Gender pronouns: Try asking ‘What pronouns do you use?’ or ‘Can you remind me what pronouns you use?’ – it might feel awkward but it’s better than making an assumption. Some examples include: She, her, hers; He, him, his; They, them, theirs. Some people don’t use pronouns, and use their names instead.


Genderqueer: The identity of a person who rejects traditional categories of gender, and embraces fluidity of gender and sometimes (though not always) sexual orientation.

Gender transition

Gender transition: The actions someone may take – including the social, psychological, and medical process – of transitioning from one gender to another. It’s complex and likely happens over a long period of time, it’s not a single event.


Heterosexism: Attitudes, bias, and discrimination against non-heterosexual people. It’s a broader term than homophobia – because it doesn’t imply the fear and hatred the latter term suggests. It can be little things, like asking a woman if she has a husband, or asking a man about his girlfriend because of the assumption that heterosexuality is the norm.

Heterosexual privilege

Heterosexual privilege: The societal advantages that heterosexuals get which LGBTQ+ people don't.


Homophobia: Prejudice, fear, hatred of, or discomfort with LGBTQ+ people.


Homosexual: A person emotionally, romantically, or sexually attracted to members of their own sex. Generally not used anymore, replaced by other terms like lesbian, gay, or queer.


Intersex: People born with sex characteristics (think: genitals or chromosomes) that don’t fit the typical definitions of male or female. Might be visible at birth, or might not be apparent until puberty.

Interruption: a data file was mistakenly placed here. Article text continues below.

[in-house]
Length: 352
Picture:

Lesbian: A woman who is emotionally, romantically, or sexually attracted to other women.


LGBTQ+: An acronym for lesbian, gay, bisexual, transgender and queer. Some people also use the Q to stand for questioning. The plus sign is used to signify everything else on the gender and sexuality spectrum not in this abbreviation.


Non-binary: A person who doesn't identify exclusively as a man or a woman. Non-binary people might identify as being both a man and a woman, in between, or outside these categories.


Pansexual: A person who can be emotionally, romantically, or sexually attracted to people regardless of their biological sex or gender identity.

Pride flag

Pride flag: The most widely known LGBTQ+ symbol aka the rainbow flag. It has six colors: red for life, orange for healing, yellow for the sun, green for nature, royal blue for art, and violet for spirit. Fabric for hot pink was not available for mass production so it was dropped. There’s also a version of the flag with brown and black stripes added to be more inclusive of people of color. And while the traditional six-stripe flag is commonly used, there are a lot of other flags that include different colors and stripes to represent other parts of the LGBTQ+ community.


Queer: A term used to describe sexual orientation and gender identity as potentially fluid. It’s also often used interchangeably with LGBTQ+. Historically, it's been considered a derogatory term. But in recent years, the term has been reclaimed by the LGBTQ+ community.


Questioning: A term used to describe people who are figuring out their sexual orientation and/or gender identity.


Transgender: An umbrella term for people whose gender identity and/or expression is different from their sex assigned at birth. Being transgender doesn’t imply a specific sexual orientation. Transgender people may or may not decide to alter their bodies through hormones and/or surgery.


Transphobia: Prejudice, fear, hatred of, or discomfort with transgender people.


This list is not exhaustive and these terms are personal (they might mean different things for different people). So before you wave that pride flag, be sure to know these terms and always keep an open mind. To read more, check sources like GLAAD, The Trevor Project, Human Rights Campaign, and the CDC.